And having themes means your repertoire of meals can be divided into those themes, so once you know the theme for each night, you only have 2 or 3 choices. This makes the planning process much simpler, and more appealing because you just don’t have to think as much.

Another top tip is to prepare a ‘default week’, of meals for 7 days the shopping list you need to make them. So, when you have one of those weeks where planning is just not a priority, or you are a bit stressed, or you have simply run out of time, then having a default menu with a shopping list you can order online or shop for quickly will really help. You won’t have to give it too much brainpower or energy, but you’ll still reap the rewards of having a planned week.

Batch cooking is another great idea used by a few people in our Fitfish community. If you cook more than you need some nights, you can freeze the extra portions so that you have meals ready for another day and can save time. Another good tip to save time planning is to have all your recipes and ideas in one book, so you don’t have to look for them in different places.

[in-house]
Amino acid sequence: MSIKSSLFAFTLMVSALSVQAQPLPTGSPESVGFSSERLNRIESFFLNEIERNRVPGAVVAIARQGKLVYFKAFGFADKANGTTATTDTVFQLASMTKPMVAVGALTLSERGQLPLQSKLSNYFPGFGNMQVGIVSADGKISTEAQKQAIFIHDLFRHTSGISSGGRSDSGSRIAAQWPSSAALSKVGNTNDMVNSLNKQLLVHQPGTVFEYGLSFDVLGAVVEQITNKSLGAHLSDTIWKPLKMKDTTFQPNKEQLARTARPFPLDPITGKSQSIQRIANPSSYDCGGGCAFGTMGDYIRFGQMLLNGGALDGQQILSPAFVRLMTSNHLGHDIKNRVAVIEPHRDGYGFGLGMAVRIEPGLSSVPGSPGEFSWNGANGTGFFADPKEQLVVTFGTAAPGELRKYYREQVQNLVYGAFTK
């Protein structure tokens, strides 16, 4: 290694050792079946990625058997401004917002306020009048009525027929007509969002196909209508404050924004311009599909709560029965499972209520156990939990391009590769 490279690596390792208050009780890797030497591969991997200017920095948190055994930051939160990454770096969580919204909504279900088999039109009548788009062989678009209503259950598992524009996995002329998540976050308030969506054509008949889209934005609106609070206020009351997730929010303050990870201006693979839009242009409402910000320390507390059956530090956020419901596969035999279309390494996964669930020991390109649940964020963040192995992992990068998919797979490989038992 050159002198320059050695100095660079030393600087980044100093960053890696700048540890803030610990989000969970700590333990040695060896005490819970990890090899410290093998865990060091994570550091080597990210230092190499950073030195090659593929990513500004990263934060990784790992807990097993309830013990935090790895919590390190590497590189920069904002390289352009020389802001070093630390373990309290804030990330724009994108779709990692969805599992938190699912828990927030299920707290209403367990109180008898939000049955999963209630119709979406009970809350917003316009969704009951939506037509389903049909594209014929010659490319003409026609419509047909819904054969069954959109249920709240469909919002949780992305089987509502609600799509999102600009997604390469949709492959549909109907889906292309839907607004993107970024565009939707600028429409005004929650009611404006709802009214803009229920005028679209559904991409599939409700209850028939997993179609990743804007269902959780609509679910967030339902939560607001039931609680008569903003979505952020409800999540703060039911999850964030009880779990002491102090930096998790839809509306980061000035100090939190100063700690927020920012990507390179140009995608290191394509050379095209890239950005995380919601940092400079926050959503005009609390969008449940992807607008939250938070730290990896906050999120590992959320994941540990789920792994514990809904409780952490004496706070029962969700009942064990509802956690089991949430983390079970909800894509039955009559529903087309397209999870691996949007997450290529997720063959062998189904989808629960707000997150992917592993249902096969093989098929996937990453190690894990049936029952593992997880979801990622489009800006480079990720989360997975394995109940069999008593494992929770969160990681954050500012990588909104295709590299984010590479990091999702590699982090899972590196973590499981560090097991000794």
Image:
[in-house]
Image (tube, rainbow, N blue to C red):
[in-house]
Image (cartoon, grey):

Do you find you can put yourself under pressure trying to measure up to a professional chef in the kitchen? If you don’t like cooking extravagant recipes or you haven’t got time, then don’t do it! When we were growing up, we probably ate a limited number of meals on rotation. We might not really remember that, but that’s probably what happened. You shouldn’t feel pressured to create lots of different meals and recipes so that no one remembers having the same thing twice; it just doesn’t matter!  If this season of your life is busy, it really is OK to try to get a healthy balance over a week, or two weeks and just keep repeating the same plan.

You can add a bit of variation by throwing in a few different vegetables or making a Bolognese instead of a chili the next time around, but if now is not the time for you to be expanding your culinary horizon’s that’s fine. You don’t even need to follow recipes. I like recipes, but not the kind where you open the book and it says, “soak for 24-hours”. My first thought is “I won’t bother with that one”!  It is fine to have some simple meal ideas in your repertoire where you don’t have to refer to a recipe book or think too much about it.

We might not have a perfect plan every time, but this is all about trying to make it easier for ourselves. My no-brainer go-to recipes are the Butternut Squash Dahl or Great Veggie Chilli on the Fitfish website – both really easy to cook and everyone loves them. If you you’re your own recommendations for simple, no-brainer-everyone-likes-this-meal recipes, we’d love to hear them!  

And if you aren’t a part of our Motivationfish Facebook group and would like to share ideas, come and join in the conversation here!



Love this...some great ideas to get me back into menu planning and taking the stress out of meals now Im back in work. Thank you


ADMIN says

Ah brilliant! Glad it was helpful!